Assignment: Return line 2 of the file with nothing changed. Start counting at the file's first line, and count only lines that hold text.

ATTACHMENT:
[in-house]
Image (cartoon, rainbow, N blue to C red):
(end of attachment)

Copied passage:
Image (cartoon, rainbow, N blue to C red):